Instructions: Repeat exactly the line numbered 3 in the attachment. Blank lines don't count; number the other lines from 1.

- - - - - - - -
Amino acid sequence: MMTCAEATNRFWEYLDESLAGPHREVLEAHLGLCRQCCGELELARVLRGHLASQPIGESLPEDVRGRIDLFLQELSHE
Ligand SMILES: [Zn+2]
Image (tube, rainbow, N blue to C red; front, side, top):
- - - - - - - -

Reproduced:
Image (tube, rainbow, N blue to C red; front, side, top):